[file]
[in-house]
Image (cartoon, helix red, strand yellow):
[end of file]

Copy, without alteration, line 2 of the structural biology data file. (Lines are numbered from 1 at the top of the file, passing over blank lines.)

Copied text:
Image (cartoon, helix red, strand yellow):